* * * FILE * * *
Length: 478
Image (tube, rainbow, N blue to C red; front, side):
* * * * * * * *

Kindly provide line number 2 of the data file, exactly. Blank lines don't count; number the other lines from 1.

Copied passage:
Image (tube, rainbow, N blue to C red; front, side):